Executives who spoke with Modern Healthcare said they hope their stakes will support research efforts that would eventually fuel improvements at their own organizations.
With data from Truveta, academic medical systems can conduct research into quality, safety, equity and other aspects of care delivery, said Dr. Neil Weissman, chief scientific officer at MedStar Health and president of MedStar Health Research Institute. On average, MedStar has 1,000 clinical studies open at a time.
"We need to be able to answer questions quicker and with greater accuracy," Weissman said. "To do that, we need to use data analytics on a big dataset."
Weissman said he thinks a vast dataset like Truveta, which corrals data from health systems that treat millions of patients across 40 states, could have helped scientists early on determine whether drugs like hydroxychloroquine could be used to treat COVID.
With a central source of structured data, "you should be able to answer those types of questions," Weissman said.
Truveta is building a data platform where customers can access aggregated and de-identified data from participating health systems, as well as AI and machine learning tools it develops for doctors and researchers. That could include datasets that are free, along with more complex ones that Truveta charges researchers and pharmaceutical companies to access.
Patient data will be de-identified and brought into the Truveta platform daily.
The company's earnings will "flow back to the investors," said Myerson, a former executive vice president at Microsoft Corp., stressing that health systems don't have to invest to join Truveta.
"These 17 have laid the groundwork and provided the Series A capital, but the next health system that joins doesn't have to take that equity risk," Myerson said.
New Hyde Park, N.Y.-based Northwell Health's investment into Truveta came out the system's technology budget. That budget already involves millions of dollars, including an estimated $250 million spent each year on information technology, according to Michael Dowling, Northwell's president and CEO.
"The money came out of that bucket—it comes out of basic core operations," Dowling said. "It's the right investment into data analytics."
Advocate Aurora Health, based in Downers Grove, Ill., and Milwaukee, is approaching the investment into Truveta the same way it balances other investments into innovative, future-focused efforts alongside funding core operations like clinical care, said Dr. Bobbie Byrne, the system's chief information officer.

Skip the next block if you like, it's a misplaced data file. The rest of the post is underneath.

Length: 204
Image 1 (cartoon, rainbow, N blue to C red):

That involves thinking through "what's the type of investment that's needed (to do) what we call 'transforming the core,'" Byrne said, which has included investing in areas like aging in place.
There's not a specific financial return that Houston-based Memorial Hermann Health System is expecting to see from its investment into Truveta, said Eric Smith, the system's chief digital officer. The decision to invest was driven by an understanding that it takes capital to create the data platform that the group of health systems wanted to build.
"Our perspective is that the returns that we'll get will be in our ability to do large-scale research" more easily, Smith said.
A spokesperson for Providence in an emailed statement highlighted the potential for Truveta to support development of new therapies.
"We believe investing in innovation that strives to make healthcare data robust and useful at scale will enable the development of critical life-saving treatments," the spokesperson wrote. "Truveta use cases include developing new drug therapies and finding creative ways to diagnose and treat rare diseases."
It's a lofty goal, and one that will require more than just bringing the data together on a regular basis.
Scientists will have to test—and validate—possible breakthroughs, which health systems then actually put into practice.
"Data by itself does not drive innovation," said Michael Abrams, managing partner at healthcare consultancy Numerof & Associates. "Every hospital is sitting on a pile of data. If that were enough to generate innovation, we'd be up to our ears in new knowledge."
Investing into a company that sells de-identified data also offers an opportunity to "monetize" data that's already being created as a byproduct of a health system's daily operations, according to Abrams, creating another possible revenue stream for health systems that hold ownership stakes in the company.
Earnings that the health systems receive from Truveta will be "invested back into the communities they serve," according to a news release from Truveta.
Still, if a health system can glean ways to improve outcomes—a particular point of importance amid a shift toward more value-based payment models—it makes sense to invest into the effort, said Rick Kes, a partner and healthcare senior analyst at audit and consulting firm RSM. That's one way to "justify an ROI on an investment like this," he said.
Kes said most organizations he works with realize they have to take occasional risks—often through their venture arms—even if there's a chance the effort doesn't turn out the way they hope.
In 2020, healthcare provider organizations were the most common type of corporate investors in digital health companies, according to data compiled by Rock Health, an early-stage digital health venture fund that also compiles research on the sector. In fact, providers accounted for 30% of digital health deals by corporate investors.
"I've heard several executives say, 'we don't want to be the Blockbuster of healthcare—we don't want to be the one that didn't innovate (and) didn't challenge ourselves,'" Kes said. They say, "'we want to be the ones that are advancing.'"